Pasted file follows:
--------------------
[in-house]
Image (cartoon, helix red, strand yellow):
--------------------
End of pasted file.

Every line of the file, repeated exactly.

[in-house]
Image (cartoon, helix red, strand yellow):